Dolev the Tour Guide
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Impressions of Oregon


Driving up Rt. 1 north from San Francisco toward the Oregon border is a daunting task. The route is slow going and curvy and the scenery flips back and forth between lush forest vegetation and short glimpses of ocean waves crashing into the cliff walls. Still, it is a rewarding drive, allowing the explorer some much-needed solitude after the madness of Rt. 1 north of Los Angeles.
With enough time, some patience and a small car, some amazing beaches can be reached at the Redwood National Park with perfect white sand and a few boulders sticking out in the water that calm the waves as they approach. Unlike its southern counterpart, the northern section of Rt. 1 (and later Rt. 101 and the Coastal Highway) allows for a more tranquil visit which can easily result in camping and bonfires on the beach. Best of all, it is all free!
As soon as the "Welcome to Oregon" sign comes into view, nothing changes at all. Except one thing: Drive-thru espresso shops suddenly pop up at each gas station. Little by little the scenery gets less dramatic and the route descends to sea level (where grows a vast forest which hides the ocean for about half of its length). It may just so happen that the sky is gray and the short instances where the ocean does come into view are completely covered by fog. This is apparently the case 300 days out of the year (which explains the overwhelming number of espresso places en route).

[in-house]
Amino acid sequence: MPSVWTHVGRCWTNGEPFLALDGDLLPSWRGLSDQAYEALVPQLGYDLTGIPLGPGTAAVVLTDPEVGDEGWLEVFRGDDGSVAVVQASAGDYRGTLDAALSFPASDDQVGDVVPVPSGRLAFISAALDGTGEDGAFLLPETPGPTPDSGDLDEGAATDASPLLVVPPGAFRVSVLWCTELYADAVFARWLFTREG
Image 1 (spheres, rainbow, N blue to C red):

The Oregon route 101 finally ends at the small town of Astoria, where the Columbia River pours into the Pacific Ocean. This is where Luis and Clark arrived after a year and a half of crossing the recently acquired western portion of the United States. Come morning, the life of this town is awakened by calls of sea lions on the pier, and locals and travelers alike walk the riverside promenade, appreciating the countless art galleries.
Following the Columbia River east eventually leads to Portland. An interesting city in itself, it seems to be well-tailored to its local crowd. Many of the activities put on by the Portland tourism board are meant to entice residents of surrounding towns, like the Saturday Farmers' Market and the walking groups through the Rose Gardens. Places not to be missed in Portland are the Voodoo Donut shop where a line could stretch an entire city block just to see the famous voodoo-shaped donut and bacon and maple-glazed cake. The Powell City of Books is a perfect place in which to take refuge on cloudy days. And the PGE Baseball Park is a perfect place to enjoy a free outdoor show on sunny days.
Finally, the one thing that sets Oregon apart from the rest of the United States (aside for the espresso shops) is the Oregonians' love for the arts. Photography, textile crafts, theatrical performances, art galleries and flower festivals are only a few examples that can be seen at any small town along the road. Best of all is the love of the local residents to their towns and the pride that sparkles in their eyes for their great state of Oregon.